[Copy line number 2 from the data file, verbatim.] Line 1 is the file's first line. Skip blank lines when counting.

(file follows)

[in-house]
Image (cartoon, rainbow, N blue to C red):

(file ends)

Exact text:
Image (cartoon, rainbow, N blue to C red):